September 2008
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The last summer vacation

By David Feela

I know how tragic it sounds, the last of anything. But this ending for me has a beginning, one that needs some explaining. It’s actually an end wrapped in a beginning, like a Mobius strip, a loop that drives you crazy searching for the point where it all starts.

Over two decades of work as an English teacher at Montezuma-Cortez High School and a major financial investment in the Public Employee Retirement Association (PERA) has led me to believe I have something to live for – namely, a return on my investment!

Last June I attended my first PERA meeting, a forum offered by the organization to clarify benefits and time lines for teachers contemplating retirement. Three other people attended. I was the oldest person in the room. The presenter, a 30-year-old woman, was articulate and attractive. She knew enough about retirement strategies and benefits to be mistaken for a 60-year-old if I simply closed my eyes, but I barely blinked. I thought, How difficult to be so young and know so much about being old.

When I first started teaching, I was 28. I swore I’d never stay in a job I hated just to cash in on the retirement package. Luckily, a career in teaching has never been lucrative in stock portfolios. I stayed in teaching because I thrived on the interaction with young people, and I loved language so much I wanted to convince a few of them that words are what we are made of, as a society, as a species. Language is blood, which is not a metaphor. We actually wake up wagging our tongues.

The organizers of the retirement info meeting served cookies and lemonade, as if a few treats would distract us from remembering we were spending a few hours of our summer cramming at retirement school. I felt sorry for the woman who prepared a PowerPoint presentation but couldn’t get the projector to function. If she ever wanted a change of careers, from presenter to classroom teacher, she had all the inexperience it took. So the five of us had to huddle around the laptop computer screen like we were at a campfire, and she told us the story of retirement.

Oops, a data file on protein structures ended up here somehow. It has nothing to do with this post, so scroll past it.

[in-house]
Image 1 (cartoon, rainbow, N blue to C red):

I’ve nurtured another passion, this one for over 30 years: Learning how to write. And yes, I’m still learning. I’m not sure how to explain it to others, but after 30 years I’m certain this career called writing has me by the throat. My investment in it, however, had better be calculated in hours, not dollars. If I worked out my total time spent and weighed it against the money I’ve earned as a writer, would anyone take me seriously? Still, it’s not like I could stop myself from writing, and it’s impossible for anyone like me to ever retire from such a career.

Teachers are an envied bunch when it comes to their summer vacations. Over the past 27 years I’ve spent a good part of my “time off” studying – taking classes, paying tuition, earning teacher license re-certification credits, and an advanced degree. Still, I’ve enjoyed the summers. And now that it’s summer again, or technically, the last summer, I want to take a deep breath and remember, in words, what I can’t quite say when people ask: What are you going to do now that you’ve retired?

I’m going to wake up to the sound of the sun rising, not the sound of bells and school buses.

I’m going to hum in the bathroom while sitting on the toilet.

I’m going to stack paragraphs like the people in Iowa stacked sandbags before the flood.

I’m going to see the dentist without applying for sick leave.

I’m going to read a book and not consider how I would teach it.

I’m going to cut the grass in the middle of the week.

I’m going to eat when I’m hungry.

I’m going to play cribbage with my friends, a penny a point.

I’m going to contradict myself, because I contain multitudes.

I’m going to be a farmer and grow old.

I’m going to open the mail when it arrives.

I’m going to mentor my insecurities.

Yes, it’s summer vacation, not really the last one, but the one that lasts.

David Feela writes from rural Montezuma County, Colo.


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